16. The Texas Supreme Court has noted that a proper legal-sufficiency review "prevents jurors from substituting their opinions for undisputed truth." City of Keller, 168 S.W.3d at 817. Conclusive evidence is dispositive of the fact or element at issue. Such evidence "becomes conclusive (and thus cannot be disregarded) when it concerns physical facts that cannot be denied," or "when a party admits it is true." Id. at 815.

For example, when a felony DWI defendant stipulates to having two prior DWI convictions, he has admitted that this fact is true. That jurisdictional fact is conclusively established and the defendant cannot later dispute it. See Bryant v. State, 187 S.W.3d 397, 400 (Tex. Crim. App. 2005). Applying that "undisputed fact" construct in this case, we note that appellant stipulated to the weight and composition of the cocaine; he could not now dispute it.

17. Anderson v. City of Bessemer, 470 U.S. 564, 574 (1985).
18. Evans, 185 S.W.3d at 37.
19. See Jackson v. Virginia, 443 U.S. 307, 326 (1973) ("When the court is faced with a record of historical facts that supports conflicting inferences, it must presumeBeven if it does not affirmatively appear in the recordBthat the trier of fact resolved any such conflicts in favor of the prosecution"); Moff v. State, 131 S.W.3d 485, 489 (Tex. Crim. App. 2004) ("an appellate court must consider all evidence actually admitted at trial in its sufficiency review and give it whatever weight and probative value it could rationally convey to a jury") (emphasis in original).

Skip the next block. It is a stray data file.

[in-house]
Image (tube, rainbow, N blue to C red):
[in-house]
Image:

20. Evans, 185 S.W.3d at 36.
21. There was no evidence that any other male might have lived or stayed at the Lombrano house.
22. Evans, 185 S.W.3d at 36.
23. See City of Keller v. Wilson, 168 S.W.3d 802, 815-16 (Tex. 2005).
24. Anderson, 470 U.S. at 574.
25. Evans, 185 S.W.3d at 36.
26. Id.
27. When we compare our legal sufficiency rules to those of our brethren on the civil side, we find that the Texas Supreme Court has stated that "when the circumstantial evidence of a vital fact is meager, a reviewing court must consider not just favorable but all the circumstantial evidence, and competing inferences as well." City of Keller, 168 S.W.3d at 814. This does not mean, of course, that the jury is required to choose what a reviewing court believes is the most reasonable inference. See Lozano v. Lozano, 52 S.W.3d 141, 148-49 (Tex. 2001) (per curiam) (Phillips, C.J., concurring and dissenting). It means that a reviewing court cannot wholly disregard or ignore that evidence in its threshold analysis. But it is the jury, not the reviewing court, that chooses between alternate reasonable inferences. As our sister court has stated, "courts reviewing all the evidence in a light favorable to the verdict must assume jurors made all inferences in favor of their verdict if reasonable minds could, and disregard all other inferences in their legal sufficiency review." City of Keller, 168 S.W.3d at 821.